rev-transcription vs captioning

Transcription vs. Captioning – Working for Rev.com

Rev.com is a transcription and captioning company that hires freelancers to type out audio and video files.

What is the difference between captioning and transcription?

The key distinction is the type of material you’re working with.

You’re largely working with audio files when transcribing, so there’s no visual component and you’re simply typing up everything you hear.

Captioning, on the other hand, frequently involves a video, so there are images involved.

Closed captions are the words that appear at the bottom of the screen whether you’re viewing a Netflix video or a YouTube video.

In a Rev captioning project, you use Rev’s closed captioning tool to transcribe whatever you hear in the video, which can include sound effects, song lyrics, and pretty much anything else.

Finally, you need to drag these captions to match or sync with the video.

By the way, if you want to work with Rev as a transcriber and a captioner, you must submit separate applications for transcription and captioning.

Just because you have a Rev transcriber account does not mean you have a Rev captioner account.

They are two independent programs.

There’s a third role that you may apply for, which is subtitling.

If you know other languages, you can translate from English to another language.

This one appears to pay far more than the other two, which makes it logical given the additional skill set.


Now which one pays more?

Transcription or captioning?

Technically, captioning pays somewhat more than transcribing, with projects starting at around $0.54 per minute for captioning and $0.45 per minute for transcribing.

However, each project has its own pricing.

There may be transcription assignments that pay far more than the amount indicated.

So we wouldn’t say one pays significantly more than the other.

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It all depends on the projects you choose to work on.

That’s a quick summary of how it works.

Rev-Captioner

We’d like to quickly show you how to apply for Rev captioning.

As previously stated, you must apply for both Rev captioner and Rev transcriber roles separately.

The method for applying for Rev captioning is nearly the same to that for applying for Rev transcription.

The main difference is that in the final section, you must complete a captioning sample rather than a transcribing sample, which makes sense.



So the first part is self-explanatory.

You simply fill out some basic personal details.

The following step consists of you answering a series of easy grammar-related questions to ensure that you are proficient in the English language.

You also go through the style guide, which explains all you need to know about using their captioning tool to produce captions properly.

Finally, you use their program to finish a sample captioning project.

And this is where you should really follow the style guide.

The test is not too long, and they do give you a few hours to complete it.

You can have access to the style guide while working on the sample test, so you won’t need to memorize anything.

Once you’re done, all you have to do is submit it and wait for a response by email.

Now they do mention on their website that they have a waitlist to get accepted, which means it might take a while before you hear back from them.


Now let’s talk about the benefits and drawbacks of working with Rev as a captioner.

Let’s start with the benefits.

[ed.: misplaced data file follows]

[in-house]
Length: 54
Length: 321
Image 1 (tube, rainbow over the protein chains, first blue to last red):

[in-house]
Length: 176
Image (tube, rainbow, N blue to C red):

1. As we have previously stated, captioning pays more than transcribing, but only by a little margin.

It is always dependent on the individual projects that you work on.

A captioning project pays $0.54 per minute while a transcription project pays $0.45 per minute.

2. There are more transcriptionists than there are captioners.

This means you may have an edge because you’re competing with fewer individuals for the same tasks.

However, it is strongly advised that you apply for both.

That way, if one of the services runs out of tasks, you can easily move to the other.

3. Working with videos is more fun than working with audio files.

So you might be able to caption certain films, documentaries, live events, and even animations, which will definitely make the task more enjoyable.

4. Captioning projects usually offer better audio quality than transcription projects.

This definitely makes the job much easier to do.


What are the drawbacks of captioning?

1. Captioning jobs can be a little more difficult to complete than transcribing ones.

Therefore, it has a greater learning curve.



In captioning, every project is practically verbatim, so you’re not only capturing voice, but also music, lyrics, and everything that you hear.

Furthermore, captioning comes with a number of special rules.

So there are all of these minor things to be mindful of.

Then there’s the extra component of having to sync all of the captions to the relevant sections of the video once you’ve finished captioning a video.

With that said, there is a style guide for a reason.

And while there may be a steep learning curve at first, if you keep returning to the style guide, you’ll be able to get all of the answers you need.

2. The other disadvantage of working for Rev, in general, is that you are not compensated for the time you spent on the project.

Completing a job may take several hours, but you are only compensated for however long the video is.

This means you’re paid not per hour or per minute but per video hour or per video minute.

3. Another concern that a lot of transcribers have about Rev is the grading process.

Depending on who is evaluating your projects, the grade might be highly variable, which makes the position incredibly insecure.

Because if you are given a poor grade, you risk losing your account forever.

IMAGE CREDIT: Storyset


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